It is sometimes assumed that high levels of institutional distrust in America are peculiar to it. So much so that a variety of theories have been offered to ‘explain’ this peculiarity including, but not limited to, elite polarization, income inequality, polarized media, etc. Empirical support for the ‘American exceptionalism’ however is somewhat less clear – across some major Western democracies (outside of the perennially ‘sunny’ Danes; one may talk about Scandinavian Exceptionalism perhaps), percent who ‘tend not to trust’ [pay attention to the y-axis] national government, national parliament, and political parties is alarmingly high. These high levels raise concerns about the legitimacy of the system.
Shooting of Representative Giffords has once again sparked intense debate about the extent of partisan polarization among the mass public. Some political scientists have answered the question by evaluating data on whether policy positions among the mass public have ‘polarized’ over the years, and the data are clear on the question – no, not really. The ideological condition of the mass public is muddled (‘sor(di)d’ not ‘sorted’).
However, lack of actual differences, hasn’t always meant lack of perceived differences. Nor has it meant lack of negative affect. Affective dislike, conditional on similarity, is unsurprising and typical, as history of racial and ethnic hatred will attest to; reasons for existence of such dynamics at the level of partisanship obvious to any casual viewer of “cabal” news.
A representative sample of Americans was asked whether they thought certain listed traits described Republicans and Democrats. Of these 18 traits (selfish, generous, close-minded, honest, etc.), a latent score was created (ICC here. Here’s a plot of latent affect by partisan self-identification.
Only 6% of scientists in a random sample of American Association for the Advancement of Science (AAAS) identify themselves as Republicans, according to a Pew 2009 Study. Assuming AAAS is not tremendously unrepresentative of scientists as a whole, what explains under-representation of Republicans in science?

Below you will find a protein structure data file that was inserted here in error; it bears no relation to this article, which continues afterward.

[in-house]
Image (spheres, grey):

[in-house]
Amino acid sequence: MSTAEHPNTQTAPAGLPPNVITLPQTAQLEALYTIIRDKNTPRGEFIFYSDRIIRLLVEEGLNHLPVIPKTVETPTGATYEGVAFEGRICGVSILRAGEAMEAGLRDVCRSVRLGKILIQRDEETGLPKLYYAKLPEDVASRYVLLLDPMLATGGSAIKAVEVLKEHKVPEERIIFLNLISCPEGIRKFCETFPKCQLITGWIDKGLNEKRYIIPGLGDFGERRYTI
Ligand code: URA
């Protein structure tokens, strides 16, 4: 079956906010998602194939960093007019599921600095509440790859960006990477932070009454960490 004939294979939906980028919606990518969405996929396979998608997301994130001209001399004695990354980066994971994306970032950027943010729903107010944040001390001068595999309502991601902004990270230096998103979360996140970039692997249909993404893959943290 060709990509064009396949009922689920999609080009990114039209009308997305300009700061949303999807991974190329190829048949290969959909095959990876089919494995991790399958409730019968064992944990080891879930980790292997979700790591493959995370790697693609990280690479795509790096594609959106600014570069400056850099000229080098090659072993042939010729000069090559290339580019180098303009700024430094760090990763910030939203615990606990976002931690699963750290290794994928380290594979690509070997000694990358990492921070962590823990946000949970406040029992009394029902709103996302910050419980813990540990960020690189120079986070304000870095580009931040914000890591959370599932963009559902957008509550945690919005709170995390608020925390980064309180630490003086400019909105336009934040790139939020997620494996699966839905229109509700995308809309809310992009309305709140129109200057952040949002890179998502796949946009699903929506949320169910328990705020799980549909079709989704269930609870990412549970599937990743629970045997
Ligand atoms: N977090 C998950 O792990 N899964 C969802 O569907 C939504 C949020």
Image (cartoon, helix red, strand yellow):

While Republicans are under-represented among people with advanced degrees more generally, I here limit myself to offering some possible hypotheses for explaining under-representation of Republicans in science, refraining from any attempt to analyze their validity.
Science education or practice causes liberalism:
- Brainwashing: Science is taught by liberals, who brainwash their students into believing their preferred ideology.
- Diversity: Upper echelon of science today is racially and culturally? diverse. Interacting with a diverse set of people causes people to become liberal.
- Cynical: Science is funded by the government, and people in the field, like elsewhere, love the hand that feeds them.
- People practicing science come to see the value of policy guided by science. On some major issues – like climate change and evolution, Republican Party has taken ‘anti-science’ stances.
- Science causes people to question religious dogma, become atheists or even anti-theists, etc. causing them to choose a party less aligned with religion.
- Intelligence: Intelligence causes liberalism (Kanazawa). Intelligence is one of the things that affect the choice of the discipline, and the number of years a person chooses to study. Intelligence is the confounding variable that predicts both.
Liberals select into science, and Republicans select out of it.
- Conservatives “have a need for cognitive closure” which is not amenable to open questions and scientific inquiry (Jost).
- Concept of “conservatism” is one of maintaining the status quo.
- Social dominance orientation: Republicans prefer going into status quo enhancing occupations like economics, business, police; Democrats less so (Sidanius).
- Religious people don’t go into science, which they see as anti-religion.
“Here in Alabama, where Mr. McCain won 60.4 percent of the vote in his best Southern showing, he had the support of nearly 9 in 10 whites, according to exit polls, a figure comparable to other Southern states.”
“Mr. Obama won in only 44 counties in the Appalachian belt, a stretch of 410 counties that runs from New York to Mississippi.”
“Southern counties that voted more heavily Republican this year than in 2004 tended to be poorer, less educated and whiter, a statistical analysis by The New York Times shows.”